Food for thought, especially on the topic of male literary misogyny. Oh, and I see it was published in Details, the magazine of little shits everywhere.

The cars he used to drive

My father was a true Southern California, born in Pasadena in 1921. Like everyone else he was car-crazy. Later in life after living in Europe he became crazy for tiny little European sports cars.

He made this list for a piece he wrote in the Los Angeles Times late in life in which he talked about the cars he’d owned. He was astonished at how many there were, and especially at how many enjoyable sports cars he had as a graduate student. I personally got to drive the ’67 MG (he says it’s a ’68 which I think is a mistake), which was a delight; he didn’t get rid of it until the 1980s sometime. The 1990 Volvo my mother still has. I inherited both T-Birds in series.

The Fiat station wagon famously died by dumping its engine on Irvine Avenue with a uniquely Italian flair. I wish he’d kept any of the cars before that. Wow, what a list! The Renaults were, of course, purchased in France and all the Italian cars when he was living in Italy.

  1. ’30 Ford Model A phaeton
  2. ’30 Ford Model A 2-door touring car
  3. ’36 Ford V-8 coupé
  4. ’30 Olds coupé
  5. ’47 Crosley
  6. ’38 Lincoln touring convertible
  7. ’40 Chevrolet coupé
  8. ’47 MG-TC
  9. ’51 Sunbeam Talbot
  10. ’48 Morris Minor convertible
  11. ’51 Morris Minor sedan
  12. ’52 MG-TD
  13. ’55 Austin Healey
  14. ’56 MG Magnette
  15. ’60 Chevrolet Corvair
  16. ’58 Chevrolet station wagon
  17. ’59 Alfa Romeo Giuletta Sprint coupé
  18. ’62 Fiat 600
  19. ’60 Fiat 1800 station wagon
  20. ’70 Opel Kadett statio wagon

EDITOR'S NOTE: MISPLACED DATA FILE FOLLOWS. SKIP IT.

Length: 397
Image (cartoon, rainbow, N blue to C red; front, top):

21. ’73 Volvo 144
  22. ’67 MGB-GT
  23. ’77 Renault 6TL
  24. ’70 Jaguar XJ
  25. ’84 Ford Thunderbird
  26. ’87 Renault II
  27. ’90 Volvo 740 sedan
  28. ’91 Renault 19 Chamade
  29. ’93 Ford Thunderbird LX

If you’re interested in the document we found in the files, a scan is behind the cut like so

Academic stories from all over

Well, just from my father. He taught English, comparative literature, translation, and fiction writing. Most of his later career was spent helping MFA students write first novels, so he had a low idiot ratio. He taught undergrads too, though, and there were moments. I now present two: one goofy final exam quote, and one what the FUCK story.

Dante was a traditional figure. He had one foot firmly planted in the medieval world, while with the other he waved a triumphant greeting to the dawn of the Renaissance.

At one point he taught an upper division short story writing class. This was mostly English majors but not mostly people serious about fiction, so generally nice kids who wanted to learn the basics of writing stories. Along with the outlining and exercises and other Writing 101 stuff, there was required reading from an anthology of classic short stories.

On reading the final story for one student Dad found a bad problem. He called her in.

“I have something very serious to tell you,” he said. “This story is plagiarized, almost completely. You could be dismissed from the University.” The girl burst into tears immediately. After she regained her composure, he went on.

“Actually, it’s a bit worse than that. You’ve plagiarized a story from the required reading. This means that not only did you steal a story as your own, but you stole one from a well-known author, and one that you should have read in the second week of class if you were participating.” Again she collapsed in tears.

“It’s even worse!” she wailed.

“How?”

“I didn’t read the book anywhere, not even in the reading for the class. I stole it all from a Twilight Zone episode I saw in the Thanksgiving marathon!”

He gave her an incomplete in the class so she could take it over with a different teacher, on the condition that she never take another fiction class at that university again. Clearly she had no idea what she was doing on any level.

Then he came home and had a really big drink.